Angiogenesis inhibitors, in particular, bevacizumab, are one of the most well studied target agents in cancer treatment. The formation of new vasculature is a key component to the spread and proliferation of cancer. Angiogenesis may be mediated along several different pathways, including VEGF, PDGF, EGFR, and tyrosine kinase inhibitors. Promising studies have added bevacizumab, a VEGF inhibitor, to standard treatment regimens with carboplatin and paclitaxel.
One study by the Gynecologic Oncology Group (GOG218) randomized patients with advanced EOC after debulking surgery into one of three treatment groups: standard paclitaxel, carboplatin, and placebo; paclitaxel, carboplatin and bevacizumab added on cycle 2 with placebo maintenance; or paclitaxel, carboplatin, and bevacizumab, followed by 15 months of maintenance bevacizumab.69
Arm 3 showed an improvement of 4 months in progression-free survival compared with arm 1, and demonstrated that the addition of bevacizumab showed benefit over conventional chemotherapy. Although the results may be statistically different, their clinical relevance may be tempered by the potential high costs related to bevacizumab therapy.70
In addition, there was no significant difference in overall survival between the three arms, but it should be noted that the study was not powered for overall survival.69
Another Phase III trial has also supported the use of bevacizumab in the upfront setting. A Phase III trial by the Gynecologic Cancer Intergroup (ICON7) randomized patients with stage II–IV EOC to carboplatin, paclitaxel and placebo, or to carboplatin, paclitaxel, and bevacizumab, with additional maintenance bevacizumab after primary therapy.71
This study found a 1.5-month improvement in progression-free survival in patients treated with bevacizumab compared with the control arm (hazard ratio for progression or death 0.81; 95% confidence interval: 0.70–0.94; P
= 0.004). Overall survival data were not mature at the time of reporting.
In both GOG218 and ICON7, bevacizumab was well tolerated and the rates of bowel perforation were not statistically different between the controls and bevacizumab-containing arms. It was interesting to note that the progression-free survival curves for both studies seem to converge after bevacizumab was discontinued and suggests that prolonged bevacizumab maintenance therapy may benefit patients. Further studies are needed to address this finding. An additional question that remains is whether the routes of administration of chemotherapy (ie, intravenous versus intraperitoneal) matter. Studies already show the benefits of the intraperitoneal route, though its toxicity remains higher than with conventional intravenous administration. Some researchers have analyzed the cost-effectiveness of intraperitoneal chemotherapy because of potential longer-term hospital stays for serious toxicity.72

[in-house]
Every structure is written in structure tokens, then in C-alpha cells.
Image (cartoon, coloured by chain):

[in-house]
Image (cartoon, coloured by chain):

Others argue that if overall survival is increased with intraperitoneal administration, then it may prove to be a good value.73
A recently closed Gynecologic Oncology Group study (GOG-252) was designed to compare intravenous carboplatin with intraperitoneal carboplatin and cisplatin along with the addition of bevacizumab. In the first phase of the study, patients are randomized into three treatment arms: weekly intravenous paclitaxel + intravenous carboplatin every 3 weeks + intravenous bevacizumab starting cycle 2; weekly intravenous paclitaxel + intraperitoneal carboplatin + intravenous bevacizumab starting cycle 2; or intravenous paclitaxel cycle 1 + intraperitoneal cisplatin + intraperitoneal paclitaxel cycle 2 + intravenous bevacizumab starting cycle 2. The second phase of the trial will maintain all three groups on intravenous bevacizumab starting on cycle 7.74
Other studies involving bevacizumab as well as other antiangiogenesis agents in first-line therapy for EOC are noted in .
Summary of current clinical trials of first-line targeted therapies for ovarian cancer*
Few other targeted agents have been designed as initial therapy for advanced EOC, primary peritoneal cancer, and fallopian tube cancer. In a Phase II trial by Konner et al, cetuximab, a monoclonal antibody synthetically designed to block tyrosine kinase inhibitors, was added to paclitaxel and carboplatin, and patients were then continued on weekly cetuximab for 6 months.75
However, while treatment was generally well tolerated, cetuximab had only limited efficacy compared with conventional chemotherapy.75
Another Phase II trial led by Vasey et al added erlotinib, a tyrosine kinase inhibitor, to docetaxel and carboplatin.76
The overall response rate was 52%, with five of 24 patients having a complete response for at least 6 months. The results are encouraging and future studies are necessary. Current first-line therapy with PARP inhibitors and PI3K/mTOR inhibitors are ongoing ().